On the academic database JSTOR, the earliest references to “toxic masculinity” as a concept come from Linda Lindsay’s 2005 Yale Journal of Biology and Medicine article, “Gender Roles: A Sociological Perspective.” Lindsay didn’t use the term exactly, but did refer to traits commonly associated with it: “Young men are often told what they should not do, rather than what they should do. ‘Don’t be a Sissy’ or the classic ‘Big boys don’t cry.’ For males, masculine gender roles are presented as more inflexible, than the roles given to women.”
Later, it was more precisely defined as “traditional cultural, masculine norms in American and European societies that can be harmful to women, men and society overall.”
That’s not to say that the idea of toxic masculinity is exclusively applicable to the West. According to Technode, the equivalent of “toxic masculinity” in Mandarin is 直男癌, which loosely translates to “straight male cancer.” And the term doesn’t just refer to a wider cultural issue; it’s more specific to a certain kind of man, one who is “not only sexist, but stubbornly sexist. [They] get defensive easily. [They] don’t like being challenged on [their] views and, like cancer, something drastic needs to happen — kind of like chemotherapy — for [their] views to change.”
When I ask Twitter for other examples, one familiar term continually pops up: Machismo. Used in both Latin American Spanish and Portuguese, the term’s literal translation is “exaggerated masculinity.” Per the American linguist William Safire, machismo has had several meanings since its general use started in the 15th century. The term originally evolved from cavalheirismo, which referred to landowning men of high stature during the Iberian Union. When that empire collapsed in the 17th century, the term came to describe men who would “fight and defend” their families.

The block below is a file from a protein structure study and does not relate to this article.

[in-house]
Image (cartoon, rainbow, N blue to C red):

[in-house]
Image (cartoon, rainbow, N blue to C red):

It was only in the 20th century when machismo began to be associated with the negative elements of “hypermasculinity.” Carlos Adams’ 2006 dissertation, “Machismo and Geographies of Hope,” describes this shift in definition to have largely been driven by a deliberate attempt to warp Hispanic and Latino identity:
The focus on the negative aspects and avoidance of positive aspects of machismo coincides with the concept of marginalization and powerlessness of Hispanic and Latino. … The focus on the negative and avoidance of the positive creates a power dynamic that legitimizes mainstream American hegemonic masculinity as the correct masculinity and subjugates machismo as a degenerated ‘non-white’ form of abuse against women and backwardness. As a result, it creates a sense of powerlessness within Latino males in their expression of their masculinity.
In India, toxic masculinity as a term (टॉक्सिक मस्क्यूलिनिटी) has become more commonly used in the media following a number of high-profile acts of harassment and abuse toward women. The Indian magazine Lifealth describes it as ranging from “lack of emotion” and “intense desires to win” to “taking excessive risks” and being “self-destructive to prove one’s strength.”
Throughout South Asia, though, there are much older terms that refer to the wider culture that facilitates toxic masculinity, according to Pakistani writer and New York Times columnist Bina Shah. Over Twitter, she tells me that izzat, a term that loosely refers to “honor” in Urdu, Hindi, Punjabi and other regional languages, also encompasses similar meanings as toxic masculinity. “There’s no concept of masculinity at all being toxic in our part of the world,” she responds when I ask her why izzat could be applied to both the harmfulness of aggressive masculinity and an accepted system for keeping ethnic and religious familial bonds in tact. “Everything [in India and Pakistan] to do with masculinity is seen as positive. So it’s a new concept [to be viewed as something negative].” In terms of Pakistan specifically, toxic masculinity hasn’t received much widespread usage beyond English-language newspapers and television channels.
That said: “Terms that disparage men have been around for a long time [in Pakistan],” explains Afzal Khan, an Urdu language student at the School of Oriental and African Studies and a private tutor in Urdu. “There are terms like haraamzada (حرامزادہ), which likely developed from Persian from the time that modern Pakistan was ruled by the Qajar dynasty, that are still used today. Haraamzada can mean different things. For example, its most literal definition is “bastard,” a man born out of wedlock. Because sons are so important in families, it would mean that these men tarnish the whole family. These days, the term refers to any form of disparagement, so if a son humiliates his family he could be referred to as haraamzada. In this case, it means he’s despicable or horrible.”
There are, of course, many more examples of how toxic masculinity could be translated into other languages. But what’s most striking is that even though the term might be understood, referenced or adopted in ways that don’t quite match its original Western coinage, its characteristics have existed for decades, sometimes even millennia.
Or more simply put, the only thing new about it is its name.